Over the years there's been three different generations of Range Rover. The original Classic - released in 1970 under British Leyland ownership - which used a platform so good it was produced until 1994, although under multiple parent companies - Rover Group (1986 through until 1988) and British Aerospace (1988 through until 1994).
In 1994, BMW bought the rights and with it released an all-new second generation known as the P38A. It was produced from 1994 until 2001. The P38A was available with various engine packages, including a BMW 2.5-litre six cylinder option. There were also improvements made to the original 4.0-litre and 4.4-litre Rover V8s. This model also saw big improvements made to the automatic and manual, height-adjustable air suspension system.
The third and latest generation, known as the L322, was produced from 2001 and is still being produced today. Ford took over the rights of the brand in 2000 until 2008, when Tata Motors bought the rights and currently still holds ownership. Although the Land Rover range has been around for much longer, the rugged utility wagon hasn't made quite the same impact as the more luxurious Range Rover on an international scale, as Phil Popham, managing director of Land Rover, describes;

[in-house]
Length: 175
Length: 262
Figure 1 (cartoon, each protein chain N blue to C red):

"Land Rover has a unique history of product innovation. But the Range Rover probably remains the most historically significant vehicle we have ever launched. It is one of the most important vehicles in the history of motoring."
On the eve of Range Rover's birthday, the Rover group have just released details about its 2011 model too. They say there will be a new 4.4-litre twin-turbo diesel V8 engine available, as well as a 3.6-litre turbo-diesel V8 - which boasts vast economy and emission improvements.
There's also a new eight-speed automatic transmission on the way and two new 'Terrain Response' traction systems incorporated into the drive control. Subtle styling enhancements have also been made to the new model. Expect more details from us as its release progresses.